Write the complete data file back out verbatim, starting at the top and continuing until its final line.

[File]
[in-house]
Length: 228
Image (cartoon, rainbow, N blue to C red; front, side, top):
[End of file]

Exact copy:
[in-house]
Length: 228
Image (cartoon, rainbow, N blue to C red; front, side, top):